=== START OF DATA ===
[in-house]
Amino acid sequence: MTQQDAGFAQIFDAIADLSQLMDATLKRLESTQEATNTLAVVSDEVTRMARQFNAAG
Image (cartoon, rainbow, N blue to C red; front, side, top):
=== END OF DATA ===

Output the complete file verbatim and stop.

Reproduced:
[in-house]
Amino acid sequence: MTQQDAGFAQIFDAIADLSQLMDATLKRLESTQEATNTLAVVSDEVTRMARQFNAAG
Image (cartoon, rainbow, N blue to C red; front, side, top):